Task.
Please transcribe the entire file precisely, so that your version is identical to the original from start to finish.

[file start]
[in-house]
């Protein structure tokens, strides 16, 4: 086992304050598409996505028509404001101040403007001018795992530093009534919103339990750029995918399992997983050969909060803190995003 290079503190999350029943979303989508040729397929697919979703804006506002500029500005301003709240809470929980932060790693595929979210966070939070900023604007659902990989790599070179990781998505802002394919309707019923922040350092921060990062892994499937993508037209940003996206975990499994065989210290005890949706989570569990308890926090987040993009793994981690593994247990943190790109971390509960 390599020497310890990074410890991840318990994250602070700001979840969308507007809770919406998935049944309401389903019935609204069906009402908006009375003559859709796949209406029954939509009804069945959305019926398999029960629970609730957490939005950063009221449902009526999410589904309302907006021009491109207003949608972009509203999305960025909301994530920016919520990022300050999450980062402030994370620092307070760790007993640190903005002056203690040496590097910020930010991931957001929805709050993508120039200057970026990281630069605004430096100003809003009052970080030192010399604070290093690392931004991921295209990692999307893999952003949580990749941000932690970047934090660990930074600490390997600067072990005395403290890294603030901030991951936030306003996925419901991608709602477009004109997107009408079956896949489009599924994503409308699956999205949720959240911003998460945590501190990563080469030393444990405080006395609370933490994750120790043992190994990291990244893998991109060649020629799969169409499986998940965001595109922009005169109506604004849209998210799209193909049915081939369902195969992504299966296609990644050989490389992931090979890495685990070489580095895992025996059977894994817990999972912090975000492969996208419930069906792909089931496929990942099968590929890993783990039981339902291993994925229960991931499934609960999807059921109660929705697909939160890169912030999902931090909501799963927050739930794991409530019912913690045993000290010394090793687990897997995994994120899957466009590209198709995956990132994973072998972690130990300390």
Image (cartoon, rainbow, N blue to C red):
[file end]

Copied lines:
[in-house]
């Protein structure tokens, strides 16, 4: 086992304050598409996505028509404001101040403007001018795992530093009534919103339990750029995918399992997983050969909060803190995003 290079503190999350029943979303989508040729397929697919979703804006506002500029500005301003709240809470929980932060790693595929979210966070939070900023604007659902990989790599070179990781998505802002394919309707019923922040350092921060990062892994499937993508037209940003996206975990499994065989210290005890949706989570569990308890926090987040993009793994981690593994247990943190790109971390509960 390599020497310890990074410890991840318990994250602070700001979840969308507007809770919406998935049944309401389903019935609204069906009402908006009375003559859709796949209406029954939509009804069945959305019926398999029960629970609730957490939005950063009221449902009526999410589904309302907006021009491109207003949608972009509203999305960025909301994530920016919520990022300050999450980062402030994370620092307070760790007993640190903005002056203690040496590097910020930010991931957001929805709050993508120039200057970026990281630069605004430096100003809003009052970080030192010399604070290093690392931004991921295209990692999307893999952003949580990749941000932690970047934090660990930074600490390997600067072990005395403290890294603030901030991951936030306003996925419901991608709602477009004109997107009408079956896949489009599924994503409308699956999205949720959240911003998460945590501190990563080469030393444990405080006395609370933490994750120790043992190994990291990244893998991109060649020629799969169409499986998940965001595109922009005169109506604004849209998210799209193909049915081939369902195969992504299966296609990644050989490389992931090979890495685990070489580095895992025996059977894994817990999972912090975000492969996208419930069906792909089931496929990942099968590929890993783990039981339902291993994925229960991931499934609960999807059921109660929705697909939160890169912030999902931090909501799963927050739930794991409530019912913690045993000290010394090793687990897997995994994120899957466009590209198709995956990132994973072998972690130990300390």
Image (cartoon, rainbow, N blue to C red):